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Bash -- (the Bourne Again SHell) -- a (command) shell (think of command.com in dos / Windows) for Linux. One of several available in Linux -- see CommandShells.

See AboutThesePages.

Contents

History Tidbits

Some other (bash?) keybindings (where do I find a complete list of these?):

  • <Ctrl>U: kill line
  • <Ctrl>L: form feed

from 8.4.2 Commands For Manipulating The History (modified only slightly, consider it a direct quote):

Return
accept-line: Accept the line regardless of where the cursor is. If this line is non-empty, add it to the history list according to the setting of the HISTCONTROL and HISTIGNORE variables. If this line is a modified history line, then restore the history line to its original state.

<Ctrl>p
previous-history: Move `back' through the history list, fetching the previous command.

<Ctrl>n
next-history: Move `forward' through the history list, fetching the next command.

<Alt><
beginning-of-history: Move to the first line in the history.

<Alt>>
end-of-history: Move to the end of the input history, i.e., the line currently being entered.

<Ctrl>r
reverse-search-history: Search backward starting at the current line and moving `up' through the history as necessary. This is an incremental search.

<Ctrl>s
forward-search-history: Search forward starting at the current line and moving `down' through the the history as necessary. This is an incremental search.

<Alt>p
non-incremental-reverse-search-history: Search backward starting at the current line and moving `up' through the history as necessary using a non-incremental search for a string supplied by the user.

<Alt>n
non-incremental-forward-search-history: Search forward starting at the current line and moving `down' through the the history as necessary using a non-incremental search for a string supplied by the user.

(unbound)
history-search-forward: Search forward through the history for the string of characters between the start of the current line and the point. This is a non-incremental search. By default, this command is unbound.

(unbound)
history-search-backward: Search backward through the history for the string of characters between the start of the current line and the point. This is a non-incremental search. By default, this command is unbound.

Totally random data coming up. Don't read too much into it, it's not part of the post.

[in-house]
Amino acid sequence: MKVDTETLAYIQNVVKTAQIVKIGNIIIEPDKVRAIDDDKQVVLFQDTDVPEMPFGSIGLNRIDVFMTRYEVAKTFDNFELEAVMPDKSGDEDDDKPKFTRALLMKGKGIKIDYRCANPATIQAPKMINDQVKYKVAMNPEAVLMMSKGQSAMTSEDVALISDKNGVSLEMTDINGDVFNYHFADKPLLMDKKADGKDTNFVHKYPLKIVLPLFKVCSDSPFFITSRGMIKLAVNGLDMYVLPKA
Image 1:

<Ctrl><Alt>y
yank-nth-arg: Insert the first argument to the previous command (usually the second word on the previous line) at point. With an argument n, insert the nth word from the previous command (the words in the previous command begin with word 0). A negative argument inserts the nth word from the end of the previous command.

<Alt>. or <Alt>_
yank-last-arg: Insert last argument to the previous command (the last word of the previous history entry). With an argument, behave exactly like yank-nth-arg. Successive calls to yank-last-arg move back through the history list, inserting the last argument of each line in turn.

Resources

See ResourceRecommendations. Feel free to add additional resources to these lists, but please follow the guidelines on ResourceRecommendations including ResourceRecommendations#Guidelines_for_Rating_Resources.

Recommended

  • (rhk) Bash Reference Manual; — seems like a decent reference: "This text is a brief description of the features that are present in the Bash shell."

Recommended for Specific Needs

This chapter describes how to use the GNU History Library interactively, from a user's standpoint. It should be considered a user's guide. For information on using the GNU History Library in other programs, see the GNU Readline Library Manual.

  • 9.1 Bash History Facilities: How Bash lets you manipulate your command history.
  • 9.2 Bash History Builtins: The Bash builtin commands that manipulate the command history.
  • 9.3 History Expansion: What it feels like using History as a user.

Contributors

  • () RandyKramer - 03 Aug 2002
  • <If you edit this page: add your name here; move this to the next line; and include your comment marker (initials), if you have created one, in parenthesis before your WikiName.>

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Topic revision: r3 - 2003-07-22 - RandyKramer
 
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